Film Review: ‘Gimme Shelter’

Film Review: 'Gimme Shelter'

A pregnant teen finds salvation in this well-acted but dogmatic pro-life message movie.

In director Ronald Krauss’ “Gimme Shelter,” a pregnant 16-year-old flees her down-and-out abusive mother and rich, abortion-pushing father to find salvation in a home for unwed mothers. Whenever the film concentrates on the teen’s interactions with the various authority figures who successively betray her, it remains relatively compelling, thanks largely to Vanessa Hudgens’ standout perf. But once she is rescued by a priest and taken to a shelter, the film is hamstrung by its fidelity to real-life inspirational models. Delivered by a name cast (Brendan Fraser, Rosario Dawson, James Earl Jones), the pic’s pointedly pro-life message should attract like-minded auds.

After furiously shearing off her long hair and escaping the clawing embrace of her drugged-out mother (Rosario Dawson, extremely convincing), Apple (Hudgens) makes her way to the palatial New Jersey digs of the father she never met, thrown to the ground twice en route — once by an irate cabbie, once by the cops.  Once there, she encounters her wary Wall Streeter dad (Brendan Fraser), not quite sure what to do with his defiant daughter, and his wife (Stephanie Szostak), appalled by the intrusion of this uncouth interloper into their immaculate, well-ordered existence. Upon discovering that she’s pregnant (“Where is the father, in jail?” she sweetly inquires), Apple is driven to an abortion clinic from which she then escapes, clutching a sonogram likeness of her unborn child.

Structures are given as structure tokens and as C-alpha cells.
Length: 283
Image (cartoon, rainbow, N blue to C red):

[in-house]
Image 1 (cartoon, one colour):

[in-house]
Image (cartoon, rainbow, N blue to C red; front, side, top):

Homeless and wandering the streets (where she narrowly evades the snares of a thuggish pimp by stealing and crashing his car), she is eventually saved by a clerical James Earl Jones and taken to a shelter. There her initial distrust and hostility dissolve under the care of Kathy (Ann Dowd), the stern-but-caring founder of the shelter (a role patterned after pro-lifer Kathy DiFiore, who appears in the pic’s end credits), and the female bonding she experiences with other teenage members of the baby-spawning community.

An air of innocuous innocence blankets the shelter; the girls’ transgressions take the form of flashlight-lit hunts among racks of donated clothing and stacks of official files. The one cynical misfit in the bunch (Emily Meade) leaves in a huff. Babies rain down on beaming girls like benedictions, though the presence of real teen inhabitants of a DiFiore home keeps the film somewhat grounded.

Except for Dawson, who serially pops up as a frightening example of unnatural, un-Christian motherhood-with-rights, Krauss never completely demonizes the secular villains of his piece, portrayed more as victims of circumstance than as inherently evil. Fraser’s secular rationality initially reads as coldness, but he and his family miraculously become converted to loving acceptance (the sudden transformation reading almost like parody), assuring Apple of a caring, affluent environment (including a house of her own right next to Fraser’s mansion) upon her departure from the shelter.

Alain Marcoen’s lensing and Olafur Arnalds’ music tend toward the conventionally sentimental, while enabling the film’s conservative ethos of a Menacing Outside World vs. a Comforting World Within.

Film Review: 'Gimme Shelter'

Reviewed at Magno Review, New York, Dec. 18, 2013. MPAA Rating: PG-13. Running time: 101 MIN.